Living conditions and volunteer lifestyles in Ethiopia
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Computer, Internet, and Email Access
Internet access is available at Internet cafes in most towns and cities, but can be slow and costly, so most Volunteers use Internet about once every few weeks. Designated computers in the resource center at the Peace Corps office have Internet access, and you are welcome to use these when in Addis Ababa. Many Volunteers bring laptops for research, digital photos or entertainment, but as with any valuable item, there is a risk of theft or damage.
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Food and Diet
In most parts of Ethiopia there is a regular, although limited, selection of fresh fruits and vegetables. Butcher shops sell beef and lamb, live chickens can be purchased at market and in areas near lakes, and fresh fish is available. With a little creativity, you can enjoy a varied diet. Fruits and vegetables are seasonal, which means some items may not be available at all times. Vegetarian Volunteers will have little difficulty continuing their diets, as Orthodox Christians “fast” by eating a vegan diet on Wednesdays and Fridays throughout the year. Vegetarianism, however, is not common, so be prepared to explain your habits. Meat is eaten during special occasions and holidays, so it may be prudent to discuss your vegetarianism with host families early to avoid embarrassing or offending them.
All Volunteers will be expected to travel in Ethiopia using local transportation (i.e., foot, bicycle, public buses, minivans –called “blue donkeys due to the way they drive in tight traffic). Volunteers may not own or operate motorized vehicles in Ethiopia. Peace Corps will provide a stipend for Volunteers wishing to purchase a bike (with helmet) at site. If you purchase a bike, you are required to always wear a helmet while riding.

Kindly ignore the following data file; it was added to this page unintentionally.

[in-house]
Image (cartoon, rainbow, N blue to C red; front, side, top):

Geography and Climate
Most of Ethiopia is expected to enjoy a tropical climate due to its proximity to the equator, but since most of the country’s land mass is above 4,920 feet (1,500 meters), that is not the case. Ethiopia experiences extremely varied climatic conditions from cool to very cold in the highlands which most of the population inhabits, to one of the hottest places on Earth at the Danakil Depression.
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Professionalism, Dress, and Behavior
Ethiopians regard dress and appearance as an outward sign of the respect one holds for another individual. Neatness in appearance is more important than being “stylish.” Volunteers should always wear clean and neat clothes. Buttoned shirts for men and blouses and skirts or dresses (to or below the knee) for women are appropriate during business hours. T-shirts are appropriate only for casual, non-business activities. Tank tops, see-through blouses, or low-cut blouses are not appropriate; exposing one’s shoulders is unacceptable. Blue jeans should not be worn during business hours unless the conditions of the job assignment or training activity allow it, and never when visiting government offices. Shorts may be worn only at home, when exercising (if appropriate), or when doing work. Aside from dress, there are other standards of appearance that must be respected. Women should wear appropriate undergarment, including bras and slips. Your hair should be clean and combed. For men, beards should be neatly trimmed.
The matter of sexual behavior is, of course, a highly personal one. However, because of other social implications of such behavior, it is important that Peace Corps standards be clear. Sexual mores in Ethiopia are very conservative and strict, and you are expected to respect them. Public displays of affection between members of the opposite sex, such as kissing, hand holding, or hugging are not generally socially acceptable, though hand holding among men is very common. Homosexuality is illegal in Ethiopia and punishable by imprisonment or deportation. Further information will be provided during your PST on appropriate and inappropriate sexual behavior.
These restrictions have been formalized in response to specific instances of inappropriate dress and behavior by Volunteers. In general, the above guidance is meant to convey to Volunteers that adherence to professional standards is appropriate at all times and in all places. When in doubt, look to your Ethiopian counterparts for guidance. If the country director determines that willful disregard of cultural standards is jeopardizing your credibility or that of the program, you may be administratively separated from the Peace Corps.
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